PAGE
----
By Carolyn Rapp
My father, Oscar, loved big band music – swing music from the ‘30s and ‘40s. Of all the great bands of that era, his favorite was Les Brown and His Band of Renown. When he died at 82, his enthusiasm was as strong as it had been when he was a teenager.
Oscar was healthy and active, living in a retirement community in Florida, so I was shocked when I got the call saying he had died suddenly of a heart attack. He had just spent Christmas week at our house and now, five days later, he was gone.
For security the locks on his apartment were quickly changed and when my sister and I arrived we were given a new set of keys. Over the next couple of days we met my father’s friends. His next-door-neighbor, Lois, was an especially helpful, no-nonsense, tell-it-like-it-is kind of woman. It wasn’t until three days had gone by that she said, “There’s something I want to tell you. Do you have a minute?”
We sat together sharing a cup of tea in my father’s apartment and she told this story:
“Your Dad and I were friends. Music friends. He’d come over to my place and I’d play the piano for him – the classical music that I like. Then I’d come over here and he’d put on his kind of music, you know – swing music.
Well, the morning after he died, I heard music coming from his apartment next door. I thought, ‘That can’t be.’ I knew they’d changed the locks and that you hadn’t gotten here yet. So nobody was supposed to be over there. I put my ear up against the wall and listened. For sure there was music coming from his apartment – one of those tunes he liked so much. So I walked down the hall and stood right in front of his door. The music was definitely coming from inside and it was loud! I tried the door but it was locked, so I went to my apartment and called security. Then I waited in the hall outside your Dad’s door.
In a couple of minutes, the security guard turned the corner and started down the hall, but when he got about two-thirds of the way – snap — just like that, the music stopped. The security guard never heard it.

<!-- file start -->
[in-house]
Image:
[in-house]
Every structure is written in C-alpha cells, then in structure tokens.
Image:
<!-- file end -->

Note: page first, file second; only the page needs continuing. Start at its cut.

Then he opened the door and we went in. Nobody was there. Everything was neat as a pin, just the way your dad kept it, in the living room and dining room, so we headed for the bedroom. There was a stack of magazines on the bed that your dad must have been reading. On top of the magazines were his glasses. But the lamps on both sides of the bed were on and the radio was playing softly. On the other side of the room the window was open although nothing on the desk below the window seemed to have been disturbed. Both of us were feeling that something strange was going on.
The guard said, ‘Maybe there’s an intruder,’ and he checked the closets. There was no one in the closets, so we went back in to the living room to make sure the patio door was locked. It was, so we went back to the bedroom to close the window and turn off the lights and radio. When we got there, the glasses were not on top of the magazines anymore. They were on the floor, but not next to the bed where they might have been if they’d just slipped off. They were out in the hall – a good 8 feet away from the bed.
The guard looked at me. I looked at him. A shiver went through both of us. He said, “You saw it and I saw it, but if I write this up in a report, they’ll think I’m crazy and they’ll fire me.’ So he didn’t. But I believe your father was here in this apartment just as sure as you and I are sitting here right now. You know, he left so fast that I think he came back just to let us know he’s OK.”
I liked that story. It made me feel good, and it made me laugh. Who but my father would come back just to hear one last Les Brown tune! We had a memorial service the next day – and my father didn’t show up. No tricks, no music, no flickering lights. During the next week I sent letters to his friends to let them know he had died. About a week later, I got a letter back from his dear friends, a couple named Deen and Darcy, who also loved big band music.
Darcy told me how much my father had meant to them and then she wrote,
“This is going to sound terribly spooky. Sometime in early January, I had this fleeting thought pass through my mind that Oscar had died. I never mentioned it because when I have those ‘premonitions,’ people think I am nuts. A few days later, maybe January 4 or 5, Deen and I were out and when we came back our telephone message machine was blinking. We played the message, but it was nothing but music – big band music. We both thought, ‘Oscar,’ but then we thought he wouldn’t leave just music with no message. Still, none of our other friends like or own that kind of music, so we were puzzled. Then your letter came – and we wonder if the music might have been your Dad’s spirit saying goodby to us.”
I’m sure it was, and I hoped that he would visit me too. But no luck. A friend suggested that I read HELLO FROM HEAVEN whose authors, Bill and Judy Guggenheim, interviewed hundreds of people who had experiences with after death communications (ADCs). After reading it, I talked openly about my father’s “visit”. While a few people thought I was crazy, most were intrigued by the possibility and there were a least half a dozen who eagerly recounted their own stories of visits from loved ones – stories of hope and comfort and love.
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Carolyn Rapp is a writer and storyteller who lives in McLean, Virginia. She is now writing a memoir for her children which will include this story with the hope that they will stay open to the many possibilities of life.
She may be contacted at firstname.lastname@example.org